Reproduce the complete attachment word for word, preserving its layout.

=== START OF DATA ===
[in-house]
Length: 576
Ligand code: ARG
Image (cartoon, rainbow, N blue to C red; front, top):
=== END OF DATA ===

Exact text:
[in-house]
Length: 576
Ligand code: ARG
Image (cartoon, rainbow, N blue to C red; front, top):